Then, he remembered seeing the sky again, the tips of the trees moving past him, his own eyelashes just as tall as the treetops that glided past his eyes. He remembered the sensation of moving when he knew he wasn’t moving, the sky so blue above him that it made him want to cry. The color was wrong, not the color of anything in nature, but it was so perfect, so idealized, it broke Owen’s heart at the same time it filled him with something like hope.

He remembered being pulled into a tent, not his tent, but another one, Pat’s white beard hovering over him like a cloud that had escaped the bright, blue sky from before. He remembered the man stripping off Owen’s jacket and helping him into a sleeping bag, the blue sky replaced by a field of olive green, faded and drab, more grey than green, shaped into an arch that stretched from one corner of his vision to the other.

And finally, there was Stacey, kneeling beside him, fidgeting, touching his forehead, his cheek, gently, carefully, like maybe Owen was a fragile thing, a delicate thing. For a moment Owen thought that maybe Stacey was like the sky that had hovered above him, too much, too perfect, overwhelming in a way that pulverized his rational thought, leaving him just feeling, throbbing with too much sensation.

He smiled at the thought, at his odd sensitivity, then he smiled at Stacey, seeing that her eyes were blue just like the sky.

She reached over Owen’s horizontal form, her mitten-covered hands disappearing from sight, and when she returned to her original place in front of Owen’s eyes she was holding a small, plastic envelop, shaking it for a moment.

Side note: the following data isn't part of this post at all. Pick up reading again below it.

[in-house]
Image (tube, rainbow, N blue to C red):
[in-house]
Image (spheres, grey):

“Hungry?” she asked.

Stacey lifted her hand to her face, pulling her mitten off by grasping it between her lips, then she worked at tearing apart the small packet. A sweet smell erupted from inside of it, an explosion of aromas that filled the tent, too much scent for such a small packet. It was sweet and also salty, a meaty smell that fell down onto to the reclined man, making his saliva glands start working again, even as he stomach clenched and tightened inside of him.

“No,” Owen let out, shaking his head weakly, like he wasn’t sure, like he could be wrong.

“Pat thinks you fainted because you haven’t had anything to eat,” Stacey explained. She fished her fingers inside of the bag, working her digits like chopsticks and trapping a small piece of dried meat between them. She carefully pulled it out, holding a piece of jerky between them. “Your body needs energy. Just start with a little piece, okay?”